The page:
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Poison Prevention Tips for Pet Owners

March is Poison Prevention Month! This is a very important topic for those of us in the veterinary world. Our animal companions are very curious, and they also love snacks. Unfortunately, they don’t know what is and isn’t safe for them. In this article from Armitage Animal Hospital, a local vet offers some tips on keeping your pet safe.

Secure Toxic Items

Household cleaners, tobacco, gasoline, drain openers, paint, automotive products, marijuana products, and lawn/garden products, such as fertilizers, are just a few of the things that could poison your pet. Keep these things in secure cabinets. You’ll also want to store medicine, both prescription and OTC, out of paws’ reach. Antifreeze is another concern. It’s highly toxic to pets, but often has a taste many pets enjoy. Opt for less toxic brands, and mop up any spills right away.

Avoid Unsafe Plants

Many popular plants are toxic to our furry pals. Make sure your home only contains safe greenery! Some of the more dangerous ones include lilies, Sago palms, philodendron, bracken ferns, and tulips. The ASPCA has a full list of safe and unsafe plants here.

Offer Suitable Treats

Foods are another big concern. Never give your furry friend anything that contains garlic, onions, scallions, or chives; chocolate; alcohol; caffeine; grapes, currants, or raisins; avocado; or anything that contains xylitol. Ask your vet for more information.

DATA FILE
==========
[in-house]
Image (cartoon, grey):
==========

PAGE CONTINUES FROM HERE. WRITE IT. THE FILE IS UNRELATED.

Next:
Be Prepared

If you don’t already have a pet first-aid kit, we recommend getting one ASAP. You can easily make one by adding a few pet-specific items to a first-aid kit for people. Keep a few first-aid brochures in the kit, along with the number for your vet. Ours is (905) 953-1933. It’s also a good idea to save the number for the Pet Poison Helpline, which is 800-213-6680. (Note: charges may apply.)

Watch For Warning Signs

The signs of poison ingestion vary from pet to pet, and will depend on the type of animal and what they ingested. However, there are some common ones to look for. Lethargy, trembling, pacing, whining, hiding (especially in cats), rapid heartbeat, diarrheas, bloody stools, and reduced appetite are all serious red flags. Call your vet or the Pet Poison Helpline immediately if you notice any of these warning signs.

Do you have questions about your pet’s care? Contact us here at Armitage Animal Hospital, your Newmarket, ON animal clinic, today!

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